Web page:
100 days of gang truce

Tuesday marked the 100th day of the truce between El Salvador's gangs which has dramatically dropped the homicide rate in the country.   The gangs spoke about the future of the truce yesterday reports the AP:

Leaders of El Salvador's Mara street gangs said Tuesday that they are ready to start negotiations with the government toward a permanent peace pact following the success of a three-month-old temporary truce that has lowered the Central American country's murder rate dramatically. 
The gang leaders said during a ceremony at the Izalco prison to celebrate the first 100 days of the truce that they want the government to offer job programs or some other sort of aid to gang members in exchange. 
"We want to reach a definitive cease fire, to end all the criminal acts of the gangs" said Mara 18 leader Oscar Armando Reyes. "But we have to reach agreements, because we have to survive. There was talk of job plans, but we haven't gotten any answers, and it is time for the government to listen to us." 
Reyes said the gangs weren't thinking of ending the temporary truce.
"We are issuing a call for us all to sit down and have a dialogue, to reach a definitive accord," he said.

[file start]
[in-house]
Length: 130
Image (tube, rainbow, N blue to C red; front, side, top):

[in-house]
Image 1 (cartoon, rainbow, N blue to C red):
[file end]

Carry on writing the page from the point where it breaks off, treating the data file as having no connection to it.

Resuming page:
There was no immediate response from the government.
While the homicide rate has dropped from around 14 a day at the beginning of the year to approximately 5 per day under the truce, levels of other crime seem to have dropped little if at all.   There are also reports that the number of missing persons is increasing, suggesting that some of the drop in the homicide rate is simply that the bodies are not being found.   Yet even with those caveats, there seems to be little doubt that the gang truce has momentarily improved the security situation in El Salvador.   The government and all sectors of society should take every measure possible to try to make those improvements permanent and to enhance a culture of peace.